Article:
Editorial: Small towns face policing challenges too
When the national news becomes too brutal to bear, Summit County residents can just turn off the television. Residents in places like Dallas, New York, Chicago and Boston often don’t have that luxury. Bad news invades their lives on a regular basis.
But Summit County’s small towns and rural byways are not immune to crime, or conflict. When local police officers and deputies respond to a call from dispatch, they could be dealing with a simple citizen assist or a violent crime.
Recent call logs from the Summit County Sheriff’s Office offer vivid details of the diverse array of situations they routinely face: “domestic violence,” “threatening suicide”, “child abuse,” “fight in progress,” “assault,” “injury accident.”
In any of those cases involving heightened emotions, responding officers run the risk of becoming the targets of a suspect’s pent up anger. While it has been a long time since the county has lost an officer on active duty, we recognize that possibility is ever present.
This week the Park City Chamber/Bureau took a moment to thank Park City Police Chief Wade Carpenter and Summit County Sheriff Justin Martinez – and all of their officers — for their commitment to public safety. We’d like to echo that sentiment.
We also want to encourage Summit County officials and law enforcement personnel to continue promoting community dialog. All citizens — whether they speak English, Spanish or Tagalog, whether they are residents or visitors, teens or senior citizens – should have confidence that they will be treated equally in the eyes of the law. That, in turn, will help quell the violent discord that has put so many other communities in jeopardy.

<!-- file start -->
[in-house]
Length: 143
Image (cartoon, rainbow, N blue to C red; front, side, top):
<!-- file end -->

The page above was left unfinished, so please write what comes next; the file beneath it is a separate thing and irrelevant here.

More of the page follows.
Most days, our county feels pretty idyllic –- except for the occasional minor disruptions like a trademark protest or a traffic jam. We are lucky, but we should also be proactive by ensuring that our police officers and sheriff’s deputies have the support they need. That could include participating in community policing programs like the sheriff’s “Coffee with a Cop,” the Park City Police Department’s “Citizens Police Academy” or contributing to the Utah 1033 Foundation which supports the families of fallen police officers. Or it could be as simple as telling a local officer you appreciate their service.
Start a dialogue, stay on topic and be civil.
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The efforts of organizations like the South Summit Trails Foundation mean access to easy access to trails is no longer an amenity enjoyed only on the West Side.